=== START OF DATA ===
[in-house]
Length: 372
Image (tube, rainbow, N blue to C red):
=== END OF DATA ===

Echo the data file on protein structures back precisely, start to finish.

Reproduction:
[in-house]
Length: 372
Image (tube, rainbow, N blue to C red):